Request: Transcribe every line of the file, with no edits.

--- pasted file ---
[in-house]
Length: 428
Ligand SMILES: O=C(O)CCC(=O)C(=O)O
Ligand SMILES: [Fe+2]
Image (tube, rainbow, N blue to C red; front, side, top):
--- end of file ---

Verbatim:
[in-house]
Length: 428
Ligand SMILES: O=C(O)CCC(=O)C(=O)O
Ligand SMILES: [Fe+2]
Image (tube, rainbow, N blue to C red; front, side, top):